When we first start CrossFit, the intensity is usually more than we’re used to. It can take weeks or months to acclimate to this. We all know that “redline” feeling when your heart is about to beat out of your chest if you do even one more wallball, or the nausea that ensues on those last couple of burpees or the burn in your shoulders as you grind out that last push press. Crossfit encourages you to push past your former comfort zone and in part this is what makes it so effective.
That said, many of you need to learn how manage your rest during a WOD. Going to the edge of failure early in a WOD is not a good strategy for improving your work capacity and improving your overall fitness. There are WODs occasionally, with built in rest, that ask you to straddle that redline, but with the rest built in, you can handle it and push past old limits. But knowing where those limits are, relative to your fitness is what allows many to go to the next level. So what ends up happening if we anxiously rush past that redline? Usually a lot of standing around, rechalking of hands that don’t need anymore chalk, multiple water breaks and generally a lot of mismanaged time looking around. All of this begins with proper scaling. If you don’t scale enough because your pride got in the way or you don’t know your personal limits then you’re missing out on the benefits of the workout and your form is probably breaking down. You need to listen to the coach on this one, while being your own best advocate. I generally know what one of my regular athletes is capable of so I can offer suggestions. If they make a good case that they’re ready to push it a little then we can take it from there. So here is what I suggest:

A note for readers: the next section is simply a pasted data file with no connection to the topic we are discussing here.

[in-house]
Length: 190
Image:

1. Scale appropriately. This is the key. If you can’t do solid reps then there is no reason to do it.
2. Have a strategy for the WOD. Think about how you’ll break it up and stick with the gameplan. If you’re nearing the end and you have more gas in the tank, put your foot on the pedal in the last minute.
3. Manage your rest intervals. Use either the clock or your breath counts to time your rest. Don’t just stand there until you think you’re ready to continue. 10-15 seconds on the clock or 5-10 deep breaths will usually give your battery a good recharge.
4. Don’t get fidgety. There is a saying that if you want to find the rookie in the gym, just follow the chalk. You don’t need to rechalk your hands after every 5th rep. You don’t need to adjust all your equipment and gear every round. Or drink water constantly throughout the WOD.
5. Lastly, stay organized rep to rep. This requires attention and concentration.
Not to get too philosophical here, but this idea applies to nearly everything we do in life. Think about your workday. Sustained, planned bursts of work without interruption, punctuated by timed breaks is about twice as productive as random work intervals with random breaks and interruptions. Each time you get distracted from a task by a stray email or an unnecessary facebook check in, you lose more time than you think. Manage your rest, stay organized, Do the work an you’ll continue to improve.